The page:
It's late on a Saturday night in Santa Monica, and the dancers are just getting going. A huge disco ball slowly rotates, sending flashes of light across ecstatic faces among the crowd. Around the edges of the room, drummers use their hands to pound out a hypnotic rhythm. Then the DJ kicks in and spins Destiny's Child, and a new surge of dancers rushes the floor.
They are grabbing hands or dancing alone in trance-like states; they are jumping frantically, spinning off the pent-up energy from the week.
"OK," the DJ calls out, "everybody do the ankle dance! How do your ankles like to express themselves?"
Welcome to KidTribe, a dance party for kids ages 5 to 11, led by DJ and founder Kellee McQuinn, a pixieish woman of 31 with bright eyes and a feather boa.
McQuinn, who grew up with a dance-instructor mother, describes dance as a place "where every road converges. You're processing and feeling and expressing and connecting all at the same time, and it's completely nonlinear."
It was while she was at a communal dance last summer that it occurred to her there was nothing like that available for kids. "I wanted to create a safe haven so that these people can grow up with choices, with joy, with peace and empowerment."
So the first and third Saturday of every month, the drab walls of the Santa Monica Place mall's community room are hung with ropes of lights, balloons and glittery streamers and, at $15 a head, the kids take over. In one room kids feed from a massive bowl of Goldfish crackers and stand in line to get temporary tattoos, glitter spray and hair wraps. On the dance floor, there's the ankle dance.
The kids hop and shimmy, expressing themselves through their ankles. "Now knee dance! Knees are beautiful things!" McQuinn giggles as the kids start dancing like drunken sailors. "Now put your arms around yourself. Kiss your arm and say, 'Self, I love you, Self. If it weren't for you I wouldn't be here!' " The kids think this is hilarious and start kissing their arms.
KidTribe has a firm "no parents" policy. "There's definitely a difference in what happens when kids are in front of their parents versus when they're in their own context, when they can create themselves in the moment," McQuinn says.
Leslie Cabarga, a KidTribe dad, has no problem with that. "It just seems like the perfect opportunity for my daughter to interact with other kids in a healthy environment. Naturally, it also gives me a chance to get out on the Promenade on a Saturday night. But that is secondary. I would take her anywhere KidTribe was."
McQuinn and her staff of teenage girls monitor the door, chaperon kids to the bathroom and help work out the occasional conflict. But mostly they dance, drawing younger children out onto the dance floor.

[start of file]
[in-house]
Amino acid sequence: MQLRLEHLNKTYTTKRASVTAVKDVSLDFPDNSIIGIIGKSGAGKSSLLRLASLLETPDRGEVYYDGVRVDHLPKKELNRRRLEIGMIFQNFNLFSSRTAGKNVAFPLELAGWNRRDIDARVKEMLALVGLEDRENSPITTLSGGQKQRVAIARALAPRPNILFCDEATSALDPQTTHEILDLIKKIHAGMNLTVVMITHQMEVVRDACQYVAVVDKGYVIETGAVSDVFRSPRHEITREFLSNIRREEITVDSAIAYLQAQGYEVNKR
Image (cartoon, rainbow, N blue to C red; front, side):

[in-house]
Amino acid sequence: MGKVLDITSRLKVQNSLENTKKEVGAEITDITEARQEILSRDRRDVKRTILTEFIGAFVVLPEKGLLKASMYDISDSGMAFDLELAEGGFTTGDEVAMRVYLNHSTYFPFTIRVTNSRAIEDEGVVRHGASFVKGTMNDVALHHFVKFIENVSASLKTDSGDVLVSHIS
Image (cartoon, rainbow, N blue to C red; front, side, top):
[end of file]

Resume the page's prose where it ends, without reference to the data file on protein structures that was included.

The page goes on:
"I know what a powerful effect music has on children. A lot of their peers are listening to heavy-duty music." She scans all the songs for content. "Anything that has too much anger or is too much about money or driving a Mercedes won't get played. But if you're 8 years old, I am the bomb when it comes to music."
In her literature, McQuinn has described KidTribe as a rave for kids, which has upset some parents, who are wary of kids socializing in an adult way. McQuinn appreciates their concern: "I say 'rave for kids' because it paints the picture right away, but I'm still looking for the perfect phrase to let everyone know that it's safe. Because the last thing I want to say is, 'Hey, drugs are cool.' I'm saying, 'Hey, your body is cool. Dancing is cool. It's better than having a baby-sitter and watching 'Lilo & Stitch' for the 12th time."
In these times when kids are being kept under an ever closer watch, there are relatively few outlets for what clinical psychologist Wendy Mogel, author of "The Blessing of a Skinned Knee," calls "wholesome danger." Gone are the days when kids can build forts in the woods or cruise the neighborhood on bikes until dark. At the same time, kids are under increasing pressure to perform at school and in extracurricular endeavors.
Mogel says she is "desperate for kids to have a place to hang out where they aren't being taught anything, and they aren't being spied on and evaluated and measured and intruded on."
Veteran KidTribe member Frances Freeman, 7, seems to agree. She likes KidTribe because "we have more time to be ourselves and be crazy. Parents like us to be quiet and not so noisy. I like it because we get to have the time of our lives." Noah Ulin, 7, says he feels very comfortable at KidTribe because "I feel like all the kids here are my friends, even if I don't really know them. They're all very nice."
McQuinn hopes to open KidTribes across the nation, places where kids can meet, dance, make new friends and then stay connected with one another through the Internet, creating a legion of what she calls "peaceful warriors."
Mogel welcomes this vision. "They need this: the legion part, the peaceful part, the warrior part. What she's doing is embracing the best part of the modern world. Instead of just scorning it, or feeling helpless, she's saying, 'Let's take advantage of the technology and the really fun music and let them play.' "
The hip-hop beat gives way to the spiraling, rhythmic growl of a didgeridoo. McQuinn's friend Andrew Werderitch is this week's guest performer. This is a chance for kids to feel themselves buoyed by this hypnotic instrument. They all lie on the floor, their heads on one another's bellies, as Werderitch passes the end of the long pipe over their bodies. The children are still, held in the embrace of sound and lost in the moment.
"Something spiritual happens when people are all in the same rhythm," McQuinn explains. "It's total unity. Since the beginning of time it's been the drumbeat that keeps us together. We have the same rhythm going on in our hearts."
For more information contact Kellee McQuinn at (310) 455-0580 or online at www.kidtribe.org.